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Rough Waters

But now thus says the Lord, he who created you, O Jacob, he who formed you, O Israel: “Do not fear, for I have redeemed you; I have called you by name, you are mine. When you pass through the waters, I will be with you; and through the rivers, they shall not overwhelm you; when you walk through fire you shall not be burned, and the flame shall not consume you. For I am the Lord your God, the Holy One of Israel, your Savior.” (Isa 43:1-3a, NRSV)

For more than 30 years, my outdoor passion has been whitewater rafting. The beauty of God’s canyons and rivers, the joy of wilderness camping, the camaraderie of friends, the adrenaline rush of running a rapid all make rafting a unique experience. Recently, I ran the Green River in Dinosaur National Monument with half a dozen friends. The water level was very high, near record levels, and the rapids were huge, looking not at all like I had run them at lower water levels. They were exciting, but frightening. I have said that running white water is a very prayerful experience—there are prayers of petition upstream and prayers of thanksgiving downstream. That was true especially of these large and dangerous rapids; I took great comfort in the promise of Isaiah, “…the rivers, they shall not overwhelm you.”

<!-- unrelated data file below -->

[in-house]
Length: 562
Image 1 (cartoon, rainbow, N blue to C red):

In many ways, the rapids are a metaphor for life. Much of our life runs smoothly, like the calm stretches of the river. But for most of us, there are times when we hit the rapids and the waters threaten to overwhelm us. It might be the loss of a job, a divorce, a serious diagnosis, the addiction of a loved one. Remember, you are never alone in the water. Whatever it is that threatens us, God has promised to be there with us. As Eugene Peterson puts it in The Message, “When you’re in over your head, I’ll be there with you. When you’re in rough waters, you will not go down.” If we will just rely on God, God will see us through, even if the struggle does not end in this life.

The biggest safety rule on the river is “Always wear your life jacket.” In the rough waters of life, we should surround ourselves with the life jacket of prayer.

On my trip, I had a friend along who is younger, bigger, and stronger than I, and he rowed us safely through some of the biggest rapids. God works this way in life as well; God’s help in times of trouble often comes in the form of people who are committed to acting on God’s behalf. As Christians, we must always remember that we act as the hands and feet of Christ to our fellow travelers on life’s journey. Rely on your godly friends, and be such a friend to others.



Loving God, we give you thanks that you never leave us alone. You are with us in the calm stretches of life as well as the turbulent times. Teach us to trust. Let us be your agents of help to those around us. In Christ’s name, we pray. Amen.

Bill Mankin

Ministry and Mission Coach

Wyoming Cluster

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